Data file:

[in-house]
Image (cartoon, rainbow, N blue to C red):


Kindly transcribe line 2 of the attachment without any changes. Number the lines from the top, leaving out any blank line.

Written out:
Image (cartoon, rainbow, N blue to C red):